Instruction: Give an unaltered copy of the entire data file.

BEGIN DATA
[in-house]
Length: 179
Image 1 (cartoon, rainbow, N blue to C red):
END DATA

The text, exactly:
[in-house]
Length: 179
Image 1 (cartoon, rainbow, N blue to C red):